New York attorney general sues Trump and his children, alleging their charity engaged in 'persistent illegal conduct'

Win McNamee/Getty ImagesDonald Trump.
  • The New York attorney general filed a lawsuit Thursday against President Donald Trump, his charity, and his children Donald Jr., Eric, and Ivanka.
  • The suit alleges that the Donald J. Trump Foundation followed “a pattern of persistent illegal conduct” for more than a decade.
  • Trump responded to the suit on Twitter, blasting “sleazy New York Democrats, and their now disgraced (and run out of town) A.G. Eric Schneiderman.”

New York Attorney General Barbara Underwood on Thursday filed a lawsuit against President Donald Trump, his charity, and his children Donald Jr., Eric, and Ivanka, alleging that the Donald J. Trump Foundation followed “a pattern of persistent illegal conduct” for more than a decade.

The lawsuit claims that the charity engaged in illegal political coordination with Trump’s campaign, made multiple self-dealing transactions to benefit Trump personally and his business interests, and violated legal obligations for such nonprofits in New York.

Underwood is seeking $US2.8 million in restitution plus additional penalties, as well as the dissolving of the Trump Foundation under court supervision. The suit seeks to bar Trump from running a New York nonprofit for the next decade, while instituting a one-year ban for Donald Jr., Ivanka, and Eric. Underwood also sent referral letters to the Internal Revenue Service and the Federal Election Commission identifying possible violations of federal law for the agencies to investigate.

Trump has already paid more than $US330,000 in reimbursements and penalty taxes, Underwood said in the suit.

“As our investigation reveals, the Trump Foundation was little more than a checkbook for payments from Mr. Trump or his businesses to nonprofits, regardless of their purpose or legality,” Underwood said in a statement. “This is not how private foundations should function and my office intends to hold the Foundation and its directors accountable for its misuse of charitable assets.”

Trump responded to the lawsuit less than an hour after it was made public, blasting “sleazy New York Democrats and their now disgraced (and run out of town) A.G. Eric Schneiderman.”

Eric Schneiderman, Underwood’s predecessor who started the investigation, resigned as New York attorney general last month in response to allegations he had abused multiple women.

Trump tweeted that Democrats were “doing everything they can to sue me on a foundation that took in $US18,800,000 and gave out to charity more money than it took in, $US19,200,000.”

“I won’t settle this case!” he said.

The Trump Foundation also attacked the attorney general’s office, accusing it of playing “politics at its very worst.” As evidence, the foundation cited the fact the lawsuit was made public on the same day as the release of the Department of Justice inspector general’s report on the Hillary Clinton email investigation.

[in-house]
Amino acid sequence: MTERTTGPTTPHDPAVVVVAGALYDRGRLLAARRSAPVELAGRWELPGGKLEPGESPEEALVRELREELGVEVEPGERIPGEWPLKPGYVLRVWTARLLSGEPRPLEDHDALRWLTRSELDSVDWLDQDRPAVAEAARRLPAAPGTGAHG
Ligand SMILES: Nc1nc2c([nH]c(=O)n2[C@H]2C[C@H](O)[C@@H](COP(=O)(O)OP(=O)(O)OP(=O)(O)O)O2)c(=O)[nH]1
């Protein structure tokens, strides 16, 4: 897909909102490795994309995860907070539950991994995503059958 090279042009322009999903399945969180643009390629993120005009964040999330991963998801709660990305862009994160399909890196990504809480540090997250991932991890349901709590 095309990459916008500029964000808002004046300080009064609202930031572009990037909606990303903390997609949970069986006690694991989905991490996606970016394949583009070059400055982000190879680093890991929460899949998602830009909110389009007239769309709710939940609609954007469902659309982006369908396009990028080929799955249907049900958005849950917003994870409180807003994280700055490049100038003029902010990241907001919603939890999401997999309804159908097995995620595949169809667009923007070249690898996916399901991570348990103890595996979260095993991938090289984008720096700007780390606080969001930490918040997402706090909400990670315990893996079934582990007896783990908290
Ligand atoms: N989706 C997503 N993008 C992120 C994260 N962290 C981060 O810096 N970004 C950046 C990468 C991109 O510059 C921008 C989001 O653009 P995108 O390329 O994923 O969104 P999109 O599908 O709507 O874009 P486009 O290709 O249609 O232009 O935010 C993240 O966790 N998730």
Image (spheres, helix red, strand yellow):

“This is unconscionable – particularly because the Foundation previously announced its intention to dissolve more than a year and a half ago,” a representative of the foundation said in a statement obtained by Business Insider.

The statement went on: “The prior NYAG, who was recently forced to resign from office in disgrace, made it his stated mission to use this matter to not only advance his own political goals, but also for his own political fundraising. The acting NYAG’s recent statement that battling the White House is ‘the most important work [she] have ever done’ shows that such political attacks will continue unabated.”

The foundation pressed the New York attorney general to withdraw the lawsuit so it could dissolve and make remaining donations it proposed as a part of that plan. It said it stood to make donations to more than 50 charities once that takes place.

The New York investigation found that the charity raised more than $US2.8 million to influence the election in coordination with senior leadership on Trump’s campaign. It highlighted a January 2016 event Trump held to raise money for veterans causes in Iowa in lieu of participating in a Fox News primary debate. The lawsuit claims that senior campaign staff members, such as the campaign manager Corey Lewandowski, were directly involved in the foundation’s payouts to nonprofits in violation of both state and federal law.

The suit alleged that the charity also entered into at least five self-dealing transactions that benefitted Trump or his businesses. Those included more than $US250,000 in payments to settle claims against his Mar-a-Lago resort and the Trump National Golf Club, as well as to purchase a painting of himself that was displayed at his Miami golf club, according to the suit.

Trump was president of the foundation since its founding in 1987. He promised to shut it down in 2016 but could not while the New York investigation was ongoing.

NOW WATCH: Briefing videos

Business Insider Emails & Alerts

Site highlights each day to your inbox.

Follow Business Insider Australia on Facebook, Twitter, LinkedIn, and Instagram.